The point is: QueryFragment is not an escape hatch, it's the fundamental building block of diesels abstraction. All the DSL provided by diesel does work via QueryFragment. Of course that assumes that a certain impl is correct, but it gives users the necessary tools to write there own extensions that work exactly the same way as what diesel provides. In addition it allows to build abstractions to register extensions for certain specific use cases.

sql_function! is really a good example for cases where extensions are required. You cannot ever provide bindings to all sql functions provided by a database systems, as users could define their own functions there. sql_function! just takes some signature and generates the corresponding QueryFragment impl based on that. I think this might be similar true for other cases as well.

Recursive/hierarchical queries (the equivalent of SQL's rCTE)

These are not supported by the built-in dsl yet. That's mostly because I myself had not a use case for such queries. As they have some tricky problem to figure out (how to reference the fields of the inner selection in rusts type system?) I rather spend my time working on stuff that I actually use.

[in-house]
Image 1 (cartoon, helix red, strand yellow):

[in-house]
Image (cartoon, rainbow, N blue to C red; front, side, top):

Sum types (not just trivial enums, but enums with associated data) and pattern matching on them

It depends a bit on what you are actually want to see here, but yes you can load/store such enums via diesel. You must define the corresponding mapping to the underlying table via a manual implementation of the corresponding trait, just because there is no standard way to perform these mappings.

Checked/typed migrations, ensuring that migrating up and down are inverses of each other (as much as it's possible given the potential data loss of e.g. dropping fields/columns)

Diesel itself does not handle migrations at all. It generates a schema based on what's there in your database. This is then used to perform compile time checking of your queries. Obviously its possible that the schema and the actual database disagree about something, but I really do not see any way how you could prevent that for a shared mutable database at all.
There is the diesel_migrations crate which do migrations based on SQL strings. Future versions of diesel might also support the generation of these migrations based on the difference between the "built-in" schema and the actual database state, but I see that mostly as convenient way to fill in migration stub.

All in all I agree with you that there is definitively work left to do in diesel. My point here is mostly: Just because it's not done yet, it does not mean it's not possible, but rather: I didn't had the time yet.

Diesel catches quite a few more things at compile time. For example it disallows mixing aggregated and non-aggregated expressions as long as that does not match your group by clause at compile time or it enforces postgres invariants around distinct on and order by at compile time.